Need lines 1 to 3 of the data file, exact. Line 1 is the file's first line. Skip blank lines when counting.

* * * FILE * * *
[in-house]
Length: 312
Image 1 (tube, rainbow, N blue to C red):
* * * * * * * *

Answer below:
[in-house]
Length: 312
Image 1 (tube, rainbow, N blue to C red):